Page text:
This was another cover song they played as a request. Or doesn't this count as a cover, since Robert Jan wrote this song. It is a Supersister song from the early 70s. In Utrecht it was requested and Henk said they didn't know it, but then Robert Jan performed it solo on the piano. In Deventer it was requested again and this time the band had actually learned how to play it! They performed the slow and jazzy first half of it. The wild, heavy-metal second half they didn't do. Robert Jan of course took the lead vocals and the piano. The whole band played on it and Henk provided some nice guitar touches. He also sang the last line together with Robert Jan.
This version had a long instrumental intro. Henk played low surf-guitar noises over a drum and bass backing. Robert Jan played some low orchestral sounds. All in all a rather sinister beginning. After the main melody was started by Robert Jan the song was played as usual. In the first instrumental part the band briefly returned to the sinister sound of the intro, but soon he normal melodies took over again. Henk played his electric guitar throughout the song and Robert Jan provided backing vocals for the 'I have seen the trenches..' part. The main deviation from the normal sketches came in the long second instrumental part. Here Peter played an incredible, haunting violin solo. This rather long, but slow solo had a spooky sound that complimented the whole sinister atmosphere of this version of the song.
This last song of Ting was played as the first song after the intermission. The abbreviation stands of course for Saint Louis Avenue. It started out with a slow piano intro over spooky percussion. It was played similar as on Ting, but with the stones replaced by various percussion effects. Also Henk provided a nice dramatic, tremolo whistle sound from the keyboard in the instrumental parts that really fitted in with the song. The rattling percussion ending on the stones that's on the Ting album was also done live on the big percussion set.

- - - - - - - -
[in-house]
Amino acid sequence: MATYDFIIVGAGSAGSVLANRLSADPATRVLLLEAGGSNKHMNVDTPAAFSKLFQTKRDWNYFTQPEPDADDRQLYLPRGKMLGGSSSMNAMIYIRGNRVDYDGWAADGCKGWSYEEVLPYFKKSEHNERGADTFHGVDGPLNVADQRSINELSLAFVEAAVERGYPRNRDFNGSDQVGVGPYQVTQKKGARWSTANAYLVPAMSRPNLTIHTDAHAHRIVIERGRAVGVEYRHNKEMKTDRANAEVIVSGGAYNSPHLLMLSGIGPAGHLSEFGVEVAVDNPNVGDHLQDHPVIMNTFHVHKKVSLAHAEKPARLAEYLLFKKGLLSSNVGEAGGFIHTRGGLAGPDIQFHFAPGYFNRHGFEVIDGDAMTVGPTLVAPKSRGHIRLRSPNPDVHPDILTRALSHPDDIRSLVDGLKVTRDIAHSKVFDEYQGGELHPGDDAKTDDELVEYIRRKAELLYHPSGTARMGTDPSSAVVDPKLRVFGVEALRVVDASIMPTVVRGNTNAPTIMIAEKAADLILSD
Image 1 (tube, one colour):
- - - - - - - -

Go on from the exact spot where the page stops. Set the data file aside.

This is a very famous 70s hardrock song by Deep Purple and it is as far removed from normal Nits repertoire as you probably can get. But they actually played it as a request at the Basel concert (which also had another unlikely cover: black magic woman by Santana). They audience was probably a lot into classic rock, because also a request for Led Zeppelin's stairway to heave was requested, but it was not played. Smoke on the water was, although it was very short and instrumental. Martin started the famous bass line and the heavy drums followed. The keyboard complimented the bass line and after about 30 seconds it was over.
This is a song about the New York artist Joseph Cornell and especially about his Soap Bubble Set. This is a box with various objects in it that are named by Henk in the lyrics (e.g. clay pipe and cork, map of the moon, egg painted blue, I can't find the cut out of camels, tin spoon and the rhinestones though..). Henk apparently saw this in the MOMA (Museum of Modern Art in Manhattan, New York City). I visited that museum when I was in New York, but I couldn't find the Soap Bubble Set: unfortunately it wasn't there then. I saw some other stuff by Joseph Cornell though. The song was a very small hit in the Netherlands, reaching approximately no. 35 in the top 40. This happy little song was played the same as on the album. Robert Jan played the fast melodies and Henk played the piano theme at the appropriate places. In the beginning there was sparse percussion. In the instrumental parts the percussion increased and near the end after the last 'I saw a box in New York' lyric one really loud bang on a drum was played. The ending was the same stop-and-go thing as on the album, including the 'rattling device' that Henk used. A final 'Box!' ended the song. At the Steen & Been radio show it was performed as a trio with just one small snare drum, a very small piano and vocals. This resulted in a simple, but very nice version.
This was performed at the Hjuvi performance at Winterthur. Solo for conductor isn't on the Hjuvi album, because it is silent. It is just the conductor waving his stick a lot and the orchestra pretending to play.
As with the other GND songs the real bass added a lot to this song, which sounded more powerful than ever in this tour's version. From the beginning on it featured lots of loud percussion and keyboards. Some insect sound effects can also be heard in between the frantic drumming and percussion. Robert Jan, Martin and Rob all provided the 'ah-aah-ah-ah' background vocals and Robert Jan also sang co-lead with Henk on the 'When I touch her knee' part. The instrumental part with the 'sugar-water' samples over it sounded incredibly loud and cool. This part was extended a bit towards the end of the tour. The version in Amsterdam in July 1993 was particularly fierce. Unfortunately the tape of this show sounds pretty bad...